A Beverly Hills developer has bought the site of a long-vacant former Montgomery Ward in Panorama City, with plans to turn the nearly 9-acre location into a big apartment and shopping complex.
The Icon Co. paid $18 million for the land at Roscoe Boulevard and Tobias Avenue, where the company wants to build 350 apartments and 250,000 square feet of entertainment and retail space.
It would be one of the biggest developments in years in the working-class, largely Latino San Fernando Valley neighborhood.
Billy Ruvelson, an Icon principal, estimated that the project will cost $150 million. He hopes to have approvals and break ground by this time next year, with the project opening sometime in 2019.
He said tenants could include a grocery store, movie theater or big-box retailers, as well as smaller shops. Ruvelson said he hopes to turn the project into an attraction unto itself, similar to the Grove in the Fairfax District or Americana at Brand in Glendale.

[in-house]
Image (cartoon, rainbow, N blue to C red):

The Montgomery Ward site, a block from Van Nuys Boulevard and adjacent to the Wal-Mart-anchored Panorama Mall, has been seen as prime for redevelopment since the department store closed in 2001, but a previous effort stalled.
In 2008, Indianapolis developer Mark Siffin proposed more than 500 condos and 450,000 square feet of retail, replete with Times Square-style billboards, but the project never materialized.
Icon’s proposal is relatively modest compared to Siffin’s, which called for 12-story residential buildings and a three-story mall. Ruvelson called that plan “a Beverly Hills or Century City project, which wouldn’t have worked in Panorama City.”
Ruvelson’s office has been in touch with staffers for Nury Martinez, the Los Angeles city councilwoman who represents the neighborhood, said Martinez spokesman Adam Bass.
Bass said Martinez “wants the site to be useful to the community again” and is interested in the project but needs to see Icon’s final proposal.
This would be Icon’s biggest project to date. The company has built student housing projects in Santa Barbara and near USC, but it has never worked on a project of this size.
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